The risk to public health from a severe nuclear power plant accident in the United States is "very small" because reactor operators should have time to prevent core damage and reduce the release of radioactive materials, U.S. nuclear regulators said in a study on Wednesday.
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The study comes almost a year after the disaster in Japan in March when an earthquake and tsunami damaged the Fukushima Daiichi nuclear power plant, causing reactor fuel meltdowns and radiation releases.
"Successful implementation of existing mitigation measures can prevent reactor core damage or delay or reduce offsite releases of radioactive material," the U.S. Nuclear Regulatory Commission said in the study.
"As a result, the calculated risks of public health consequences from severe accidents modeled in the severe accident study) are very small," the NRC said.
The study found there was "essentially zero risk" to the public of early fatalities due to radiation exposure following a severe accident. The long-term risk of dying from cancer due to radiation exposure after an accident was less than one in a billion and less than the U.S. average risk of dying from other causes of cancer, which is about two in one thousand.
The study, called the State-of-the-Art Reactor Consequence Analyses (SOARCA), looked at the radiological health consequences for potential severe accidents at Exelon Corp's Peach Bottom nuclear plant in Pennsylvania and Dominion's Surry nuclear plant in Virginia.
The NRC said it picked those two sites because Peach Bottom is representative of the nation's General Electric boiling water reactor designs and Surry is representative of the Westinghouse pressurized water reactor designs.
About a third of the 104 operating nuclear units in the United States are boiling water reactors and about two-thirds are pressurized water reactors. Nuclear power provides about 20 percent of the nation's electricity.
As part of its study, the NRC looked at the possibility of a station blackout, or loss of power, caused by an earthquake or other seismic activity. The loss of power at Fukushima prevented operators from pumping water around the reactor fuel, which allowed the uranium rods to overheat, meltdown and release radiation.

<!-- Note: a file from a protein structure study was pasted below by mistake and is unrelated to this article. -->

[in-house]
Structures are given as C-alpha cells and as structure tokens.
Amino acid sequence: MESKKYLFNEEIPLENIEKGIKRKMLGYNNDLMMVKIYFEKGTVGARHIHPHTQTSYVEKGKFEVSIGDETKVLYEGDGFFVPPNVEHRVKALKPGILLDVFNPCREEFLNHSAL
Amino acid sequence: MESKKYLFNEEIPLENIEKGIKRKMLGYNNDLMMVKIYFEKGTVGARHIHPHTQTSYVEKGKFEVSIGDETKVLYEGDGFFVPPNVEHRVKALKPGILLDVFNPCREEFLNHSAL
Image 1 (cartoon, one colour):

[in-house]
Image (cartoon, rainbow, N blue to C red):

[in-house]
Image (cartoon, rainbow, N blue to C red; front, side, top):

On Tuesday, the NRC told nuclear plant operators in the central and eastern United States to start using a new seismic model to reassess the potential for earthquakes in their area. .
In August, a magnitude 5.8 earthquake shook two reactors at the North Anna nuclear power plant in Virginia, shutting the facility for about three months. That earthquake caused only minor damage to the plant and did not lead to the release of radiation.
WORST CASE SCENARIO
In the worst case scenario with an earthquake causing a station blackout, the study found that core damage could begin in 1 to 3 hours and reactor vessel failure could begin in about 8 hours. The NRC said that was possibly enough time to allow a plant operator to restore core cooling and prevent vessel failure.
If core cooling is not restored, the NRC said containment failure and radiological release could begin at about 8 hours for Peach Bottom and at 25 hours for Surry.
The NRC noted that the availability of portable diesel driven pumps to move water through the reactor core to cool the fuel would be "especially helpful" in mitigating the consequences of a severe accident.
The NRC said this study, which has been in the works since at least 2007, updates decades of research by the NRC, the nuclear power industry and the international nuclear energy research community on severe reactor accident phenomena, including the industry upgrades since the terrorist attacks of Sept. 11, 2001.
The NRC noted all of the accident scenarios in the latest SOARCA study progress more slowly and release much less radioactive material than a previous severe accident study in 1982.
The NRC said the SOARCA study was nearing completion when the Fukushima accident occurred. Fukushima had many similarities with some of the Peach Bottom severe accident scenarios, the NRC said.